Using Holograms and AI to Preserve Firsthand Stories of the Holocaust

Holocaust survivor Max Glauben films a segment in an interactive green-screen room for the Dallas Holocaust Museum. Courtesy McGuire Boles/Dallas Holocaust Museum.

At 91, Max Glauben is still telling his story to anyone who will listen.

Born in Warsaw, Poland, in 1928, Glauben helped found the Dallas Holocaust Museum Center for Education and Tolerance in 1984, and ever since he’s been talking to school groups and museum patrons, as well as to the teens who accompany him on his frequent trips to Israel and the concentration camps of Eastern Europe.

“Max Glauben is a source of inspiration for anyone who has met him,” said Mary Pat Higgins, president and CEO of the Dallas museum. “He inspires me daily. His resilience and forgiveness and what he’s made of his life gives me hope in humanity.”

And now, thanks to technology that is transforming the world of Holocaust remembrance, Max Glauben will be speaking and answering students’ questions in perpetuity.

Time has long posed a problem for Holocaust museums. Since the first Holocaust remembrance centers were established after World War II — Los Angeles’ museum, which opened in 1961, was the first in the United States — Holocaust survivors themselves have been the most effective way to bring the Holocaust’s horrors home.

But with this September marking 74 years since the war ended, museum officials are concerned with how to extend this precious resource for remembering the catastrophe. Most of the Holocaust survivors are in their last decade of being able to give their first-person testimony.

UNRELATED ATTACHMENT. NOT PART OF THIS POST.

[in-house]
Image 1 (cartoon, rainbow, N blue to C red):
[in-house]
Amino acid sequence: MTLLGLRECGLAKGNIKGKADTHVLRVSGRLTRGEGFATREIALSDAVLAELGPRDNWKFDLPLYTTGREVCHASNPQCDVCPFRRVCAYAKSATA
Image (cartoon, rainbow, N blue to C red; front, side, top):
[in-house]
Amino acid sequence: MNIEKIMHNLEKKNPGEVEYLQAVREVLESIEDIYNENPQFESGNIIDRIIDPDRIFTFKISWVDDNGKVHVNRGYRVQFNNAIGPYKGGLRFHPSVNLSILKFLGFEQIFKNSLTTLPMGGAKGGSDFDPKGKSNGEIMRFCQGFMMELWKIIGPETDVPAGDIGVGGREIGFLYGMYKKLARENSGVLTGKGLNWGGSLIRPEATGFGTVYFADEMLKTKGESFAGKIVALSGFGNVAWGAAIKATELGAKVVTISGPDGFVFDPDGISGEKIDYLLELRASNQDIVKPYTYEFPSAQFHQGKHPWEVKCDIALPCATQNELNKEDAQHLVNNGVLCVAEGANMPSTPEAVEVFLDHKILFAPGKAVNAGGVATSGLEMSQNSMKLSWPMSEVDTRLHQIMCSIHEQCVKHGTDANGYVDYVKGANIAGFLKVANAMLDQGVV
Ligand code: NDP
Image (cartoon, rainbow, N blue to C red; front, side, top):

Now the Dallas museum and others across the country are benefiting from hologrammic technology, created by the USC Shoah Foundation at the University of Southern California in Los Angeles, which allows them to preserve the images and voices of survivors in a way that brings them alive for museum visitors.

A hologram is a 3D photograph of a person that, when lit properly, captures the person’s physical presence. Hologrammic films assembled from thousands of these 3D images can bring to a darkened theater the person seemingly in full: “the way he taps his foot and moves his hand,” said Kia Hays, program manager of USC’s Dimensions in Testimony Interactive Experience, of the hologram of Glauben, which will be unveiled in a purpose-built theater this September.

Combined with a cutting-edge artificial intelligence program that can retrieve pre-recorded responses on a range of frequently asked-about topics, the hologram can make it seem as if the person is there.

The magic of saving Max Glauben for future generations is as difficult as it sounds.

For one, the technology is expensive, costing $2.5 million to record a single person.

The Dallas museum commissioned its hologram of Glauben to help debut a new, elaborately designed 55,000 square-foot home on nearby Houston Street, set to open Sept. 17 as the Dallas Holocaust and Human Rights Museum. In May of last year, Higgins was enmeshed in a six-year campaign to raise $71 million dollars for the new building, but fundraising was going well enough that she and her board of directors decided to add the cost of the hologram, if the USC Shoah Foundation approved their candidate.

Not every survivor is equal to the challenging process of making a hologram. Even those who are practiced storytellers (many survivors find it too painful to stir up memories) must go through a careful selection process by the Shoah Foundation to see if they are up to the rigors of spending a week being filmed from nine angles by 18 cameras, answering about 1,000 questions that the filmmakers anticipate visitors might ask during a 45-minute experience.

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Source: Religion News Service

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